ANIC is looking for ideas that will transform the way that African media work. This means that your idea should offer significant and tangible improvements to existing tools or techniques, or should propose new ways for African journalists to gather news, tell stories, engage with audiences, or sustain media organisations.
Ideas that have the potential to be replicated or that could scale continentally will have an advantage.
No. A handful of local companies and individuals are dabbling with data journalism, but none offer free public support. DataDesk will kickstart wider experimentation plus fast-track the liberation of data ‘feedstock’ for app building
Even though relatively well-resourced, South African journalism is seldom data/evidence-driven, and has failed to harness hyperlocal/hyper-personalisation opportunities presented by new technologies and available public data. Consolidating data resources, offering coding support, and showing journalists (through hands-on assistance) how to create ‘semantic’ reportage will improve audience engagement and contextual relevance of news.
DataDesk will embed a civic coder into an established technology incubator/co-working space in Cape Town, to provide free data scraping and analysis support for journalists and media pioneers. DataDesk will also offer short-term sponsored use of desks/workspace in the incubator, awarded competitively on merit, for ‘proof-of-concept’ data journalism projects as a form of ‘accelerator’ mentorship. DataDesk will in addition run regular workshops, seminars, and hackdays to help spread skills and kickstart new projects. All projects and activities will be documented, with all code open sourced, on a local HacksHackers data blog. DataDesk will help replicate the model in other HacksHackers chapters.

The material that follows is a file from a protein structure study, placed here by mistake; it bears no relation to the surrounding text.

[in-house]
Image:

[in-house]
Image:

The project is being championed by the new HacksHackers chapter in Cape Town, with endorsement and community + technical support from ScraperWiki. Chapter coordinator and veteran newsroom editor / trainer, Raymond Joseph, will manage the initiative and run the planned outreach and training programmes that complement the actual helpdesk. The helpdesk will be staffed by a civic coder with python / json skills, who still needs to be recruited. Southern Africa’s largest association of freelance journalists and media creatives, SAFREA, plus the Professional Journalism Association, have both endorsed the initiative as a community resource, while Silicon Cape has pledged support from its community of technology entrepreneurs.
What part of the project have you already built? (100 words)*
ScraperWiki is already the world’s leading community for journalistic data scraping and civic coding. It is currently focused on building media participation in North America and Europe, and does not yet have resources to immediately conduct outreach or support in Africa. HacksHackers is meanwhile already the world’s largest forum for bringing together technologists and journalists for collaborative projects. It is currently rolling out a network of chapters across Africa. DataDesk is a perfect marriage between the two organisations and its free and public coding support would be a world-first for both organisations — and would serve as a model for replication elsewhere.
The core helpdesk services will always be free. Once proof-of-concept is available, HacksHackers Cape Town will fund the service through sponsorships from local technology and mobile companies, as well as membership dues. Any revenue-generating services / apps developed with assistance from DataDesk will also be required to pay royalties via a “pay if forward” scheme.